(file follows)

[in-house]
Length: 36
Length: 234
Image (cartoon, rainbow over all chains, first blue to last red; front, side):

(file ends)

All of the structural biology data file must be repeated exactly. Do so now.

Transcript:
[in-house]
Length: 36
Length: 234
Image (cartoon, rainbow over all chains, first blue to last red; front, side):